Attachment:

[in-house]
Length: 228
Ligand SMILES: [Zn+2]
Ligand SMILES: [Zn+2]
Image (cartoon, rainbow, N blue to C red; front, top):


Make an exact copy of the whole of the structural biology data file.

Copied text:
[in-house]
Length: 228
Ligand SMILES: [Zn+2]
Ligand SMILES: [Zn+2]
Image (cartoon, rainbow, N blue to C red; front, top):